The platform includes advanced features such as support for MQTT 5, fine-grained security controls, and extensive monitoring capabilities, making it a comprehensive solution for managing large-scale IoT deployments. It also has multiple data integration extensions that allow you to connect streaming platforms (such as Kafka, Kinesis, or Google Pub/Sub), database engines (such as PostgreSQL, MySQL, MongoDB, and others), and analytics platforms (such as Snowflake, Databricks, or any data lake that ingests data from Amazon S3).
Real-World Use Case Example for IT/OT Interoperability
Let’s take, as an example, a biscuit company that wants to digitally transform its industrial architecture to take advantage of all the data generated by each machine in the plant with analytics, AI, and even more.
Here is a high-level view of the local plant:
As mentioned above, many companies have chosen to adopt proprietary protocols, so the first step is to bridge their legacy protocols to MQTT messages. HiveMQ Edge can help you to interconnect OPC UA, Modbus, S7, ADS out of the box. The Edge also provides an MQTT bridging feature that allows you to publish information in a central broker in the factory.
In our biscuit company context, all the existing production lines can be bridged to the central broker via HiveMQ Edge. The new machines that can natively talk MQTT will be directly connected to the central broker and communicate using the Sparkplug framework. From there, industrial applications like SCADA or MES can connect to the central broker to consume the information generated by the production lines (Legacy ones or new ones) using the Sparkplug framework. The central broker is Sparkplug-enabled thanks to the HiveMQ Sparkplug Aware Extension, which extends HiveMQ with the functionality of a Sparkplug Aware Broker to fulfill the optional requirements of the Sparkplug specification.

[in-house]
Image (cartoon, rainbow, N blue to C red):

Let's take a step back and see how this fits into a global view of the company.
Once the data is centralized in each local MQTT cluster, we can bridge it to a central MQTT cluster in the data center (or cloud) of the company. We then have several options to leverage data. Our database extensions allow you to ingest data into most of the market database engines, or you can use one of our analytics extensions to publish data to your enterprise data lake.